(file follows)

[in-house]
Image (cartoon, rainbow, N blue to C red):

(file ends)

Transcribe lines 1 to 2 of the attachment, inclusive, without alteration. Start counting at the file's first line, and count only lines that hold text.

[in-house]
Image (cartoon, rainbow, N blue to C red):